Juana Rico from the Red Humanitaria de Colombia affirmed through Google Meet that “the walkers’ flow to Venezuela has declined. Currently, around 50 people come daily by buses to return to their country. Months ago 1,500 and 2,000 arrived per day. On the contrary, in September, more than 12,000 Venezuelan migrants [walked across] the informal borders to enter the limits of the Norte de Santander.”
After six months of closed shelters and limited humanitarian assistance in Norte de Santander (the most transited Colombian region by Venezuelan migrants), some local NGOs and international cooperation agencies started to resume some of their operations, providing food and health care services. However, it is not enough.
Rico warned that the new walkers are not allowed by law to spend the nights in the shelters, and they have to camp on the streets or the side of the roads despite low temperatures and rainfall. “For us, the human rights organizations, this prohibition is almost a xenophobic act.”
International agencies such as the International Organization for Migration (IOM) have activated some 24/7 mobile centers of assistance along the 124 miles of the walkers’ route to provide health care, psychosocial help, and general information.
The international Red Cross and the Adventist Development and Relief Agency International (ADRA) are the other organizations providing health aid, hot food, warm clothes, and isothermic blankets along the route, together with Colombian CSOs such as the Red Humanitaria.
On the other side, Solidarités International is one of the few humanitarian NGOs, which is planning to reactivate its five shelters for temporary accommodation (a few hours at a time) and under strict health protocols. It will assist around 300 walkers per day in Norte de Santander, particularly children and women.
Juan Caicedo, the representative of Solidarité International in Colombia, implied by video conference that the closed shelters are an additional challenge to the health crisis in the border. “It exists a hypothermia danger for all those people sleeping on the streets. It is urgent to move them by buses to their destination in the interior of Colombia.”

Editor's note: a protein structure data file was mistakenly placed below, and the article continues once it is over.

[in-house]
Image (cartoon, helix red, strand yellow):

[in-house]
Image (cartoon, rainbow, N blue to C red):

Meanwhile, the walkers are dealing with restrictions on bus tickets, which prevent them from reaching their final destination in Colombia. Rico explained that the bus companies are obliged to request a temporary permit of permanence to the migrants before the ticket purchase transaction. “This limitation increases the number of migrants in the borders’ cities and towns, triggering chaos, fear, and expressions of xenophobia among the locals (from Cucuta, Pamplona, and Bucaramanga) [of] border cities.”
The process of humanitarian assistance is insufficient and the walkers’ journey gets longer. David Bernal, the ombudsman from the Colombian Municipality of Pamplona (44 miles from the Venezuelan border), remarked by Google Meet that “there is a generation of Venezuelan teenagers and youth between 12 and 17 years old that [are] growing up begging in the route. They have been walking many times the same paths. They do not have any life project… They lost any illusion of tomorrow.”
Running Away from the Calamity Again
Amidst an uncontrolled pandemic and an endless militarized quarantine, Venezuelan people keep being pushed to leave the severe humanitarian crisis of their devasted homeland. With a crippled economy that is increasingly dollarized, Venezuelan citizens continue to suffer fuel shortages, constant failure of public services, alimentary crisis, and lack of medical supplies, as well as generalized violence and grave human rights violations denounced by the United Nations (UN).
A failed state, with the world’s highest crime rate, Venezuela is expelling people every day, who provide remittances for the subsistence of their families at home and fuel indirectly the authoritarian regime’s dollarized economy.
“The number of remittances sent by Venezuelan migrants to their families in the country could go from 3.7 billion US dollars in 2019 to $1.9 billion this year (due to the quarantines´ economic and job constraints),” according to projections of a report from the Instituto de Investigaciones Económicas y Sociales of the Universidad Católica Andrés Bello.
New Challenges for Host Nations
Since July when Colombia’s economy began to recover, migration flows have changed. The COVID-19 pandemic restricted human mobility and created new challenges for Colombia, as well as other host countries in the subregion.
“The migration process changed due in part to emergency national decrees during the pandemic in Colombia,” said David Bernal, the ombudsman from the Colombian Municipality of Pamplona. “It is important to understand that the Venezuelan migration crisis is going to continue beyond the COVID-19.”